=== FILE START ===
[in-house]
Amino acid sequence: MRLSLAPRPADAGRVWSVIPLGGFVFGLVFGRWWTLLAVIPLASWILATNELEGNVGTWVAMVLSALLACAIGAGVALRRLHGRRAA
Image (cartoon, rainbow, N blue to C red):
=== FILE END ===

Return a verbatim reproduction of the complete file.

[in-house]
Amino acid sequence: MRLSLAPRPADAGRVWSVIPLGGFVFGLVFGRWWTLLAVIPLASWILATNELEGNVGTWVAMVLSALLACAIGAGVALRRLHGRRAA
Image (cartoon, rainbow, N blue to C red):